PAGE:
December 7, 2006


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Got milk?

Like dregs in the wine glass
So go the memories of our lives
By Tim Protzman

Thirty years ago my father bought a ski house.

It was on a small Vermont mountain. Every morning we’d walk out to the trail, step into the bindings and head down the hill. If we wanted to ski all day, we’d buy a ticket. If we were feeling lazy, we’d hang in the lodge and drink hot chocolate and wait around ’til half-day passes went on sale.

The ski house wasn’t luxurious, although it had the latest in sculpted multicolored shag carpeting, but it slept about 20 people. The refrigerator was avocado green. The people my dad bought it from left us a popcorn popper. It was a two-piece aluminum construction with a separate heating element in the base. It made the best popcorn I’ve ever tasted. It came with a dog-eared instruction manual which extolled the virtues of heating the corn oil, placing three test kernels in first and waiting for them to pop and then adding 1 and 1/3 cups of popcorn. It would double as a cigarette lighter in a pinch. I loved that popcorn maker, but I loved the telephone more. I remember the day we ordered it.

We called this little phone company in White River Junction.

“I’d like to get phone service for my ski house in Plymouth Union,” my Dad said.

“OK, what’s the address?” The phone man asked.

“There’s no mailing address, but it’s #9 on the Round Top access road.”

“Yup, I know where that is, I’ve done a couple of phones up there. We need someone to let us in to install the instrument.”

“That’s fine, when can you do it?”

“In two weeks… on the 12th.”

“That long? Can’t you do it sooner?”

“Well, if we really push it we can be there on the 11th.”

“Keep it on the 12th, I wouldn’t want to strain your finely tuned machine.”

“What color do you want?”

“What are the choices?”

“Let me see … we got … black and…black?”

“I’ll take the black.”

And with that we had our phone. What they didn’t tell us was that the phone was a “party line.”

For the young, forgetful or uninitiated: a party line was a phone line shared by two, three or even four different households. You’d pick up the phone and if someone was talking on it you’d hang up and wait ’til they were done. That was the theory. In reality it provided hours of eavesdropping fun. The hard part was getting used to your ring tone.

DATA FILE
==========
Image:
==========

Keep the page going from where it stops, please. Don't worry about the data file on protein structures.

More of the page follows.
And the ring tones weren’t “Crazy Frog” or And You Will Know Us by the Trail of Dead. It was one ring, not yours. Two rings, not yours either. Two quick rings and a pause followed by two quick rings and a pause, that’s yours. The reason I’m phone nostalgic is that my own phone and internet access was out of service for a week. And during that time I found my routines sorely tested.

Usually, I get home from work, open the mail and answer my e-mail and post crank messages on my enemies’ blogs. But, without a phone or e-mail I had to turn on the TV during what had been my “quiet hour.”

I found myself watching TV news. Even though I’m old, I have a Gen Y attention span and prefer to get my world and local roundup in quicker sound bites, like off Drudge Report. I rarely have the patience to sit through the news. Especially now when each report seems scarier than the next. But I also have the perspective of history. I’ve lived through assassinations, wars, recessions, inflation, layoffs, rising deficits, hostage takings, hijackings and thousands of bombings. I saw Watergate and Monicagate.

And I also like wine. I once went to a wine tasting where this jet-setting wine importer told this story of a small vineyard in Australia. They had put hundreds of thousands of dollars into irrigation systems, French clone rootstock and fermentation tanks. The first grape crop survived insects, a minor drought and heavy rain leading up to the harvest. But they brought it in. They crushed and fermented and took it from vat to vat to barrel where it sat for two months. Then on the appointed day, the winemaker took a long glass pipette (which is also called a wine thief) and dipped it into a barrel where wooden cork in the top had been removed. He watched intently as the purple liquid filled the tube. He put it into a wine glass. He held it to the light. He sniffed it. And finally he tasted. He chewed it and swished it. Then he spit. Every eye was on him. The tension was palpable.

“There’s always next year,” he said. And then he left.

Hard times, bad news, world catastrophes and poor vintages don’t last forever. There’s always next year.